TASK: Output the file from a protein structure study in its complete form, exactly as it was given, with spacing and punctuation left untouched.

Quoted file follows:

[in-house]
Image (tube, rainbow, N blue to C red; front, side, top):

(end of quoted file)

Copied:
[in-house]
Image (tube, rainbow, N blue to C red; front, side, top):